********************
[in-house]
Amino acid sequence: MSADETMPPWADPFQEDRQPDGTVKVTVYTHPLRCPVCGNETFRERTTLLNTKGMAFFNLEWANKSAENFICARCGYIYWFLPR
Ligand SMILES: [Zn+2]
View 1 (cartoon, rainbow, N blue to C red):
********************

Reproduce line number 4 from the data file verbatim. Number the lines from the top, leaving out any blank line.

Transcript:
View 1 (cartoon, rainbow, N blue to C red):